Professor William Wilson, Module Convenor for Criminal law, comments on the recent retrial in the Jogee case.
Students on the Undergraduate Laws Programme have heard a lot from me this year about the case of Jogee, in which the Supreme Court in January 2016 decided that the law relating to joint enterprise liability was contrary to principle. There has been a considerable reaction from the professions and the academic world about this case, most of it positive. The importance of Jogee is that it abolishes the rule that as a matter of law, in joint enterprise cases, the basis of liability is contemplation rather than intention. For example A, B and C are indicted for the murder of V, who was shot by C in the course of a joint enterprise to commit burglary on V’s house. For A and B to be complicit in this murder the prosecution must show that A and B intended C to kill or cause serious injury to V or to do so if it became necessary. The mere fact that A and B knew that C was carrying a gun and might use it to kill would be insufficient for murder although it would be sufficient for manslaughter. In other words the fault element in joint enterprise liability is the same as for accessoryship generally.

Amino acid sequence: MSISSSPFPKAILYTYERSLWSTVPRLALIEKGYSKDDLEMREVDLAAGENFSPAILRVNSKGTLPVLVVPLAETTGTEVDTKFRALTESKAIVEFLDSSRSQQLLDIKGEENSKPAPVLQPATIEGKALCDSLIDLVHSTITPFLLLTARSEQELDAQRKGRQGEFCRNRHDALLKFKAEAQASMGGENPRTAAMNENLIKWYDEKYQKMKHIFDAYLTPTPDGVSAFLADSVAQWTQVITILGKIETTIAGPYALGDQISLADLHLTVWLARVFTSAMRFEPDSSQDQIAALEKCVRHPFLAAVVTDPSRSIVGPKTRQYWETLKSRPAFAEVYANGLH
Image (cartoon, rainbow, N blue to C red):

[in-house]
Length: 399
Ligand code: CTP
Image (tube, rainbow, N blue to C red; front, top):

Instead of quashing Jogee’s conviction in January, as they were bound to given the seriousness of the case and the undeniable participation of Jogee in the attack which resulted in the killing, the Supreme Court ordered a retrial. This was heard last week at Nottingham Crown Court. The case for the prosecution was that the principal, Mohammed Hirsi had fatally stabbed a police officer after an altercation and Jogee had encouraged the attack by ‘egging him on’. The jury last week found Jogee not guilty of murder but guilty of manslaughter. As the trial judge explained, this meant that the jury found that Jogee did not intend Hirsi to kill or cause serious injury to the police officer but did intend him to launch the attack and cause him some injury, albeit not serious injury. His life term was replaced by a sentence of 12 years. This verdict and the reasons for it is likely to set the basic template for cases such as this when, as violent arguments involving multiple parties are wont to, the argument escalates into murderous violence.
Read Professor Wilson’s full discussion of the case here.